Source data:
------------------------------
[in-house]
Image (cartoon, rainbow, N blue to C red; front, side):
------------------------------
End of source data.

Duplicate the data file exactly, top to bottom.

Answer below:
[in-house]
Image (cartoon, rainbow, N blue to C red; front, side):